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# Tag Archives: Chinese Puzzle

## The problem of the Hundred Fowls

This is a popular Chinese problem, on Linear Diophantine equations, which in wording seems as a puzzle or riddle. However, when used algebraic notations, it looks obvious. The problems states :

 If a cock is worth 5 coins, a hen 3 coins, and three chickens together 1 coin, how many cocks, hens and chickens, totaling 100 in number, can be bought for 100 coins?

This puzzle in terms of algebraic equations can be written as $5x+3y+\frac{1}{3}z=100$ and $x+y+z=100$
where $x, y, z$ being the number of cocks, hens and chicks respectively.
We find that there are two equations with three unknown quantities. So eliminating one of the unknowns, by putting $z=100-x-y$ from second equation into first one such that $5x+3y+\frac{1}{3} (100-x-y)=100$
or, $15x+9y+100-x-y=300$
or, $14x+8y=200$
or, $7x+4y=100$.
Which is a linear Diophantine equation (with only two unknown quantities).
The equation $7x+4y=100$ has the general solution   [links to WolframAlpha] $x=4 t$ and $y=25-7t$, so that $z=75+3t$ where $t$ is an arbitrary integer.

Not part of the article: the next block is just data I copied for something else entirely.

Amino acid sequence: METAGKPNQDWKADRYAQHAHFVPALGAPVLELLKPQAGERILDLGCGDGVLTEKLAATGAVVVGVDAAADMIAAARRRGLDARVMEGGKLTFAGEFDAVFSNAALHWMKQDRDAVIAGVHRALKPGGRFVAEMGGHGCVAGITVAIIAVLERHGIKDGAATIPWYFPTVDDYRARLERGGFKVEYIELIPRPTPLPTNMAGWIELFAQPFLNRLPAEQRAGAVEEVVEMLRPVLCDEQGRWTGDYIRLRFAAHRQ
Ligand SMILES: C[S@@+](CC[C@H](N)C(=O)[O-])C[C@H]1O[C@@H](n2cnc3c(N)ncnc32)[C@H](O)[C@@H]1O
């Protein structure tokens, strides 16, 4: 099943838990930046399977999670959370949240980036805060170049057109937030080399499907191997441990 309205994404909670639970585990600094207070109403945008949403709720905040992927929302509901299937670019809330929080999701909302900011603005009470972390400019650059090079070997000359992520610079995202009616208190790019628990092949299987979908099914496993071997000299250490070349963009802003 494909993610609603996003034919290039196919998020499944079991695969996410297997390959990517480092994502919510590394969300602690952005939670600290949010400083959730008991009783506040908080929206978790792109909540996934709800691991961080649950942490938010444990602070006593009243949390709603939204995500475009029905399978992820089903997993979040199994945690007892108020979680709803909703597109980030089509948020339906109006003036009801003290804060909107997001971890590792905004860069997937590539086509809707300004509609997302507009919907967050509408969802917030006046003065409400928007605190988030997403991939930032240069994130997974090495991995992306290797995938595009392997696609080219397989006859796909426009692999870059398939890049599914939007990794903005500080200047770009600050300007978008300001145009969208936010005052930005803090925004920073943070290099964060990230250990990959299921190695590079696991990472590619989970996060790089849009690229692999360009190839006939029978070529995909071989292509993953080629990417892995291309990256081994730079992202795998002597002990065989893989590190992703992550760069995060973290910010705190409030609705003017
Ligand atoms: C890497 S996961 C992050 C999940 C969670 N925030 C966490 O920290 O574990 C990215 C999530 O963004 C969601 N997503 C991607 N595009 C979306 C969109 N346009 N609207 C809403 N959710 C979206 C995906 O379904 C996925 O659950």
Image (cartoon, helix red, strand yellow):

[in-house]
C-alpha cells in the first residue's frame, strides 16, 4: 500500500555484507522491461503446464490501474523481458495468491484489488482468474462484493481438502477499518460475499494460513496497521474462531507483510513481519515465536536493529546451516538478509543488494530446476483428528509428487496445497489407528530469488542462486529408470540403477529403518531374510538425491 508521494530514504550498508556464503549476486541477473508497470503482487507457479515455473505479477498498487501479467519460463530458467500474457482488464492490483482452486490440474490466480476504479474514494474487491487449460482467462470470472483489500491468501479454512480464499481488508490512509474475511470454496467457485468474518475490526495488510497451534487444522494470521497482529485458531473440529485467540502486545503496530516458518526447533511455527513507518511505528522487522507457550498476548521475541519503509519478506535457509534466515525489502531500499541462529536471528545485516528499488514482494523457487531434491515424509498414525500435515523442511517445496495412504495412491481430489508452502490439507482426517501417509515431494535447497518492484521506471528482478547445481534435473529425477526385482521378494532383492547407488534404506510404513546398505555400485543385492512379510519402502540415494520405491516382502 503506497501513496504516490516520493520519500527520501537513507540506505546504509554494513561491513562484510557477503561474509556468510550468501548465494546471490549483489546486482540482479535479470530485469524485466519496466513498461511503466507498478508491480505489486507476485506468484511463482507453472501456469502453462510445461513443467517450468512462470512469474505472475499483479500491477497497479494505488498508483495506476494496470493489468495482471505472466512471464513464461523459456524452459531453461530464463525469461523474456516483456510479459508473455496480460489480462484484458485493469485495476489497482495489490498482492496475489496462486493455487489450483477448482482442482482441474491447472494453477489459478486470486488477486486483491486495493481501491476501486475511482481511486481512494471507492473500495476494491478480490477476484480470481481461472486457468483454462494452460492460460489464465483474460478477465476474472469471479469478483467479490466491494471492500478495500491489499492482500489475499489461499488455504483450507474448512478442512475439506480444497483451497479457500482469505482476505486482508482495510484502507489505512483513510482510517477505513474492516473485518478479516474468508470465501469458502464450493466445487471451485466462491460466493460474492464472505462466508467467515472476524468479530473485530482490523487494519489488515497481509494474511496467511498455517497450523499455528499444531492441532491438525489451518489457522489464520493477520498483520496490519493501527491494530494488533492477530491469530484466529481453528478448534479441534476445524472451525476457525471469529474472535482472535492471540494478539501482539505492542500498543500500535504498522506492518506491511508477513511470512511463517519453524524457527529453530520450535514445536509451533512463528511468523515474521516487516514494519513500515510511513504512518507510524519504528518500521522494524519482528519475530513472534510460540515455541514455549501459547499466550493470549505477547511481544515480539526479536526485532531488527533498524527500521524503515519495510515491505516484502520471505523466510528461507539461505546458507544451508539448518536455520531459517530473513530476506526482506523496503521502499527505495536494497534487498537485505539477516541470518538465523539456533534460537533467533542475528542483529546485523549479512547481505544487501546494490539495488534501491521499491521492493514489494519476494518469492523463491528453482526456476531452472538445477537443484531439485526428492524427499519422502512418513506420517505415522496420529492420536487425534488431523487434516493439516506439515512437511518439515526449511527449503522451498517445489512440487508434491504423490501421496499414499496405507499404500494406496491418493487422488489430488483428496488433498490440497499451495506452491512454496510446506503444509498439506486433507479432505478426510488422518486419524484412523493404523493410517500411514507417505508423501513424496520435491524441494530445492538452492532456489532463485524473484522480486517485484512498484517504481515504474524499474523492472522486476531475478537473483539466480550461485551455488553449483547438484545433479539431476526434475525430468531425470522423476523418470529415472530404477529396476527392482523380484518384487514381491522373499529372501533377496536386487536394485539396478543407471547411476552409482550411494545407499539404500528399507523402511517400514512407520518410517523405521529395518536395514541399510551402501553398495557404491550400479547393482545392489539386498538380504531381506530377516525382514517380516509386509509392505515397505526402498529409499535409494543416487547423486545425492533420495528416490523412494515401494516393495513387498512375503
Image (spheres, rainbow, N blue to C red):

Now, since $x, y, z$ are the number of creatures, hence $x, y, z >0$ and thus $4t >0$ , $25-7t >0$ and $75+3t >0$ which imply that $0 < t < 3\frac{4}{7}$. And because t must have integer values, we have $t=1,2,3$. Which gives the following three solutions:

 Values of $t$ No. Of cocks ( $x=4 t$ ) No. Of hens ($y=25-7t$) No. Of chicks ($z=75+3t$) 1 4 18 78 2 8 11 81 3 12 4 84

So there are the three ways to chose the number of cocks, hens and chicken totaling 100 to buy for 100 coins.

Problem Sources:
Elementary Number Theory
David M. Burton, 2006
McGrawHill Publications

Wikipedia article on Diophantine Equations

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